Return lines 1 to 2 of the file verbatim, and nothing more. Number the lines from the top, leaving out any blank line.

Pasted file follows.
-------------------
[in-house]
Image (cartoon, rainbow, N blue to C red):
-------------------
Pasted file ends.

[in-house]
Image (cartoon, rainbow, N blue to C red):